Fifth Formers of St. Clare's By Enid Blyton

The St. Clare's girls are now in the fifth form, shortly to go up into the sixth, but they are not too old for tricks and escapades, jokes and excitement. Especially amusing is French girl Antoinette who, like her sister Claudine, doesn't always understand the ways of St. Clare's. Fifth Formers of St. Clare's


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Another book in Blyton's series about St Clare Boarding School. This book was first published in 1945 and it is important to keep that in mind when reading as some of the language is dated and means something entirely different in current times. This was a particularly humerous book with a wonderful description of Mamzelle's hilarious night catching burglars.Just to set the mode of the time, here is a brief quote:Each term brought different things to learn, besides lessons. Those girls who faced their difficulties, saw and understood their faults, conquered their failings, and became strong characters and leaders would make the finest wives and mothers of the future. Academic It did irk me growing up that this was the last book. What about the sixth form, and prefectship??Antoinette was just not as fun as Claudine, but then who could be? Although MAD PROPS to her for the trick she plays on Angela, who abuses the system of the upper forms getting the lower forms to run errands for them. ;) We also get the wonderfully named Alma Pudden here, yay! Such a pasty, puddingy little horror. Academic Not a fan. I understand that I haven't read the other books in the series, but I seriously doubt that would make these characters any likeable for me. I simply didn't warm to any of them. These are stereotypical high school girls mean, bitchy, sneaky, conceited, self centred. This book doesn't represent the image of a world I'd like to see for girls. It represents reality for far too many and doesn't do enough to condemn a bullying culture.That's just my opinion, guys. Much love to everyone who praises this book and its characters and genuinely has soft spots for them. You found something in this book that I didn't. Love to everyone xoxo Academic I like this book. It really is interesting it engages the reader. Academic Pat, Isabel and Alison have matured enough to enroll in the Fifth Form. Does everyone think they are just too mature and dignified for the naughty exploits and treeks they have been accustomed to play on unsuspecting mistresses? Never mind, Claudine and her little sister Antoinette cause plenty of mischief to make the book fun for Blyton's many readers. Typically, Blyton was unconcerned about political correctness: a troubled fat girl is the book's hapless villain. Academic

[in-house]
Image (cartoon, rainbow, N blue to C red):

Fifth Formers of St Clare's (St. Clare's, #6), Enid BlytonFifth formers of St. Clare's is the sixth novel of the St. Clare's series written by Enid Blyton. It was published in 1945 by Methuen. Miss Cornwallis is mistress of the fifth form. Hilary Wentworth is a calm and dignified head girl. Being in the fifth form means quite a lot of changes – for example, the girls have got studies of their own now, instead of common rooms and dormitories, the first – and second formers have got to work for them. For some reason, Mirabel has been made games captain for the school, and Gladys vice captain. It is not explained why or how Mirabel has developed such good sporting abilities, nor is it explained why she is no longer musical. In her first term at St Clare's she was written as a very musical girl, talented at the piano and the violin.Two girls use their new power badly Angela Favorleigh takes advantage of her prettiness and charm and turns the younger girls into willing slaves and so does Mirabel, who is games captain. Some room is made for the second form Antoinette, Claudine's little sister, has come to St. Clare's, too, and she proves to be as irrepressible as Claudine. There are three new girls in the fifth form and all of them are unpopular – Anne Marie, who fancies herself a poet, Felicity Ray, a musical genius, and Alma, a fat girl who suffers from what nowadays would be called an eating disorder. Felicity's parents are very ambitious and, in spite of Miss Theobald's warnings, push their daughter too hard – she is to take a very difficult musical exam and works herself too hard. One part of the book describes fat Alma stealing food from a store cupboard that Antoinette keeps midnight feast food in. Alison discovers the cupboard open one day and reports to Claudine (Who owns the cupboard) about it, and Claudine then keeps the key to the cupboard safe. Alma is angry, and plays tricks on Alison. Pat and Isabel are minor characters in this book, but at the end they are made head girls because Hilary will leave St. Clare's and go to India to live with her parents. Alison, Anne Marie, Angela, and Mirabel all redeem themselves at the end of the book.تاریخ نخستین خوانش: روز چهارده ماه آگوست سال 2008 میلادیعنوان: پنجمی ها در سنت کلر؛ نویسنده: انید بلایتون؛ مترجم: ایلونا جودمردی؛ مشخصات نشر: تهران، شهر کتاب، هرمس (کیمیا)، 1386، در 229 ص، شابک: 9789643631987؛ موضوع: داستانهای نوجوانان از نویسندگان انگلیسی سده 20 مفهرست هشت کتاب این سری: «دوقولو ها در سنت کلر»؛ «دوقولوهای اوسالیوان»؛ «دومی ها در سنت کلر»؛ «سومی ها در سنت کلر»؛ «ترم تابستانی در سنت کلر»؛ «کلودین در سنت کلر»؛ «پنجمی ها در سنت کلر»؛ «ششمی ها در سنت کلر»؛ کتاب: پنجمی ها در سنت کلر: سنت کلر در هشت هفته تعطیلات تابستان ساکت و خالی بود، آتقدر مدرسه سوت و کور بود، که حتی گربه ی مدرسه هم، برای دختران دلتنگی میکرد، و دلش برای ماجراهای عجيب دختران و مدرسه سنت کلر تنگ بود. ا. شربیانی Academic I loved it! But i'm soo sad that the fifth formers can't play any tricks nor have midnight feasts because they are fifth formers! Academic 4.5 stars. I thought it was astoundingly brilliant! Could hardly believe it was from the same series as all its prequels – what with its utterly delightful and fast paced, gripping plot as well as its jaw dropping characterisation! It was also a very thought provoking read with a startling amount of psychological depth within! Exceptionally well written indeed – I just loved it :) Academic The last book of the original St Clare's series, Fifth Formers of St Clare's always leaves the story feeling a little incomplete. However, this is another great book, almost on par with Claudine at St Clare's. Now that the girls are grown up, they can have studies of their own, and have fun pairing up with each other. Alison and Angela make an admirable pair, but soon enough, it becomes obvious that Angela is going to abuse the power she is now given as a fifth former. The St Clare's custom of having young girls fagging for the older ones now gets a realistic turn with Angela and her demands and misuse of the younger girls' time and feelings. Surprisingly, abuse of power is also done by another person Mirabel! Made sports captain, this previously much loved and much admired girl soon manages to turn the entire school against her! How does she manage to get out of such a mess? Interestingly, both power abusers end up in a feud as well! Poetry is in the air! With a new English mistress, Ms Wilcox and a new girl, Anne Marie, both poets, the form is about to have some good fun. Would Miss Wilcox help Anne Marie or would they be at odds? Alison, this term, worshipping, Miss Wilcox, finds reason for a feud with Anne Marie. And the girls, obviously, react to these poetic goings on with some trepidation.But the depth to this book is given by Alma Pudden. Dropped down from the sixth form because of various troubles, she is a fat girl, whose only interest in life seems to be eating. I found this plot handled pretty sensitively (for Enid) and despite Alma getting into serious trouble because of her craving for food, we are given to see that it is not her fault. It is ultimately the rest of the girls who are told to show sensitivity, practically unheard of in St Clare's!I really enjoyed this book, especially since Claudine's younger sister, Antoinette, also joins the school, making for a double dose of fun! Academic While Enid Blyton most certainly has penned an interesting and also entertaining enough story in Fifth Formers of St. Clare’s, some of the scenarios that have made the plot engaging and fun are indeed also causing me to shake my head a bit. For example, while I have on the one hand rather massively enjoyed reading about how poetry fanatic Anne Marie manages to trick English Literature Mistress Miss Wilcox by showing off the latter’s basic lack of poetical, of literary knowledge to the entire class (since Miss Wilcox is continuously being described by Enid Blyton as someone at best shallow and at worst really quite inappropriately insulting and nasty and thus also well deserving of being publicly ridiculed and outed), on the other hand, Miss Wilcox’s character and her behaviour as a teacher are equally and in my opinion also too much of a direct mirror image of Drama Mistress Miss Quentin from The Second Form at St. Clare’s, with Alison in Fifth Formers of St. Clare’s of course once again totally worshipping Miss Wilcox (and I guess I also kind of feel that with some of her characters, Enid Blyton does not really allow them to mature enough in the St. Clare’s series, for while she definitely makes Alison learn and take to heart many lessons regarding why she should not be “mooning” over her teachers and glamorous friends like Angela Favourleigh, in Fifth Formers of St. Clare’s, all this is seemingly cast aside as Alison is as “into” Miss Wilcox as she erstwhile was regarding Miss Quentin and once again thinks, at least for a rather lengthy period of time, that fellow student Angela is wonderful simply because she is pretty, upper class and wealthy.Further, while Mirabel’s inappropriate for a responsible games captain’s antics and behaviours have definitely made for an engaging subplot in Fifth Formers of St. Clare’s, personally I for one do tend to find that Mirabel is depicted with so much typecast negativity that she does not actually feel all that real and actually like some kind of a monster. And indeed, a bit nuance and character depth would certainly make Mirabel’s issues with the lowers forms appear a bit realistic and not so much as something almost inadvertently funny at times, since Mirabel at least to and for me often appears in Fifth Formers of St. Clare’s as almost some kind of an evil clown like figure (something that I also feel is a bit the case with both Felicity’s sleepwalking and Alma’s food obsessions, for while the mental health reasons for these scenarios are realistic and appreciated, the fact that they are not really explained until very very late in Fifth Formers of St. Clare’s in my opinion, this tends to leave too negative an impression, this tends to leave both Felicity and Alma’s fellow students and us as readers with an unnecessarily unflattering and unfair attitude towards both students, towards both Alma and Felicity). Academic